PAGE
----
We live in a particularly diverse and fascinating country. It can be easy to forget that, especially in the current divisive political climate. The United States, however, is home to an extraordinary literary tradition – one as expansive and diverse as the country itself. Thus, a literary tour of the U.S. seems in order.
From classics to memoirs to thrillers, a literary masterpiece can be found lingering in every state – a book that gives us a view into another part of the country is always a worthwhile exercise. The books below represent some of the best and most iconic reads from each of the fifty states, and are both fiction and nonfiction. Don’t worry if your particular favorite didn’t make the cut – we’d love to hear about it in the comments. And you can always dive a little deeper with these curated book lists for each of the fifty states.
To Kill a Mockingbird
This Pulitzer Prize winner from Harper Lee is one of the great American novels. Fifty years after its publication, its ruminations on race, injustice, and morality remain as relevant as ever, and crusading attorney Atticus Finch is one of literature’s finest characters.
The Call of the Wild and Selected Stories
The Call of the Wild, originally serialized in the Saturday Evening Post, made Jack London a household name. This tale of adventure, survival and companionship in the wilds of Alaska is as gripping today as on its original publication in 1903.
Few writers have Cormac McCarthy’s gift for haunting, terse, and elegiac prose. Blood Meridian is among McCarthy’s finest work, and also his most brutal. It follows the story of a young man caught up with a gang of ruthless outlaws in along the U.S./Mexico border – it is a challenging and pitiless read. It is also modern mythmaking at its very best.
I Know Why the Caged Bird Sings
Maya Angelou was one of the most inspiring voices of her generation. Her debut memoir became an instant classic and recounts a life that is, at turns, joyous and painful. Filled with Angelou’s frank and powerful ruminations on sexuality, race, and love, I Know Why the Caged Bird Sings remains among the author’s best.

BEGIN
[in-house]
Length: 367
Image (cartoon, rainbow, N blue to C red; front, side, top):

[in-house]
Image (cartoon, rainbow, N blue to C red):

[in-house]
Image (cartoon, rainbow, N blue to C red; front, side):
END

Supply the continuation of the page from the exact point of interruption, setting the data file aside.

East of Eden
John Steinbeck is a towering figure in American literature, and with good reason. Steinbeck considered East of Eden his magnum opus. This sprawling examination of two families living in California’s Salinas Valley is built around allusions to the Book of Genesis, as well as Steinbeck’s extraordinary descriptions of the region that makes up the novel’s setting.
Stephen King’s first bestseller is still one of the prolific author’s greatest. The novel established King as a household name. It’s chilling (literally) tale of a man slowly losing his mind while serving as an off-season caretaker at a remote resort hotel in the Colorado Rockies is haunting.
This searing deconstruction of the ideal of American suburbia in the 1950’s is a devastating view into the disintegrating lives of a young couple struggling to conform to life in a Connecticut suburb. Yates writes with a startling clarity that exposes the inner machinations of a generation.
The Book of Unknown Americans
Told from multiple points of view, The Book of Unknown Americans chronicles the lives and interwoven stories of a group of recent immigrants – and first generation Americans – living in a neighborhood in Western Delaware. It is a book that feels particularly relevant today.
The Orchid Thief
In this beguiling, strange, and wickedly funny book, Susan Orlean takes the reader deep inside the eccentric world of orchid enthusiasts. It’s a bizarre and too-strange-for-fiction account of a truly fascinating subculture that is equal parts vivid and hilarious.
The Color Purple
Alice Walker’s Pulitzer winner is a powerful examination of race, misogyny, and class. The Color Purple recounts the harrowing life of Celie, who endures decades of abuse and rape first at the hands of her father, and then her husband, before ultimately building a life of her own with devastating power.
James A. Michener
James A. Michener’s expansive and meticulously researched recounting of the history of Hawaii is a stunning piece of historical fiction. Hawaii is a fascinating and thrilling chronicle of the birth of modern Hawaii and the people who populate it.
With Housekeeping, Marilynne Robinson creates a poetic portrait of two orphaned girls coming of age in the fictional town of Fingerbone, Idaho. It was a finalist for the Pulitzer Prize in 1980, and is a haunting tale of familial strife and redemption.
This quintessential work of muckraking fiction is built around Upton Sinclair’s own investigations into the meatpacking industry in early 20th century Chicago. The novel follows a Lithuanian immigrant forced into backbreaking menial labor in the Chicago stockyards. Sinclair intended to turn America’s attention to the plight of impoverished working class, but instead shed a harsh light on disturbingly unsanitary practices of the meatpacking industry.
The Magnificent Ambersons
The Magnificent Ambersons is a Pulitzer Prize-winning classic that focuses on the changing fortunes of three generations of a once-powerful American family. It is a study of the economic turmoil that resulted from the swift industrial expansion that took place in the U.S following the Civil War.
A Thousand Acres